"I think it's going to be a really great experience and I'm looking forward to participating.  With so many public safety professionals from all around the world coming together to compete, the WPFG is a really unique event," says Cosgriff. 

Cosgriff, an avid cyclist, also participated in Law Enforcement United's Road to Hope bicycle ride during National Police Week this year, his fifth consecutive time taking part in that event.  The Road to Hope honors the service and sacrifices of law enforcement officers who have died in the line of duty.

"The WPFG will be a very different experience from the LEU Road to Hope, I'm sure," adds Cosgriff.  "The Road to Hope event pays tribute to fallen law enforcement, so the the purpose behind the ride is very different.  At the Games, though, it's more about the competition and camaraderie.  I'm honored to represent my police department and the Officer Down Memorial Page."
Learn more about the World Police and Fire Games here and make sure to check in and see how Cosgriff fares in the cycling road race.

Friday, May 15, 2015

National Peace Officers' Memorial Day

In 1962, President John F. Kennedy signed into a law a bill designating today -- May 15th -- as National Peace Officers' Memorial Day. 

Today, and every day, we at the Officer Down Memorial Page pay tribute to the fallen law enforcement heroes who gave their lives to protect and serve.

We recognize the sacrifices made by the men and women who wear the badge, and we offer our heartfelt appreciation for all that they do.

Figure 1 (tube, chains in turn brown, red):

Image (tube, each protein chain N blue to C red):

Thursday, April 2, 2015

The Band of Blue: ODMP hosts the National Police Week 5K

The National Police Week 5K is proudly hosted by the Officer Down Memorial Page

Each year, The Officer Down Memorial Page (ODMP) proudly hosts the National Police Week 5K (NPW5K) in Washington D.C. to kick off National Police Week.

As the 2015 NPW5K approaches, we at ODMP would like to recognize those who support the law enforcement community: the individuals across the country and around the world who acknowledge and appreciate the sacrifice of the men and women behind the badge. 

These people make up what we like to call the Band of Blue

While the “Thin Blue Line” has long been the symbol that represents law enforcement officers (LEOs) who bravely work to protect and serve the public, those of us who have taken that oath to protect and serve understand that the blue line is made up not only of police officers, but of our family, friends, and community supporters as well.
This May, many members of the Band of Blue will come together to run in the National Police Week 5K. 

Together, we will remember those law enforcement officers who have fallen in the line of duty.  Together, we will support the organizations that pay tribute to those heroes and provide support to their survivors. 

Together, we will make a difference.

We hope you will join us.

Thank you for supporting our LEOs. Thank you for being part of the Band of Blue.

Tuesday, March 31, 2015

Line of Duty Deaths in the 21st Century

The Officer Down Memorial Page (ODMP) maintains an extensive database with information on the more than 22,000 law enforcement line of duty deaths (LODDs) in United States history.  This data, though, is only useful if it is analyzed and publicized so that people can understand how, where, and when line of duty deaths most often occur.

With this thought in mind, ODMP director Chris Cosgriff set out to create a visual representation of our most recent LODDs---those that have taken place since 2000---with the hope that law enforcement agencies, training academies, and other groups will display it, share it, and learn from it.

Says Cosgriff, "The ODMP infographic showing line of duty deaths in the US from 2000-2014 gives a stark look at the dangers and truths of modern law enforcement, and illustrates in simple terms the sacrifice that law enforcement officers make.  Looking at these statistics, it is clear that line of duty deaths can happen to any officer--young or old, rookie or veteran.  It's vital that we use our information to educate the public and law enforcement officers alike on the real dangers that exist today."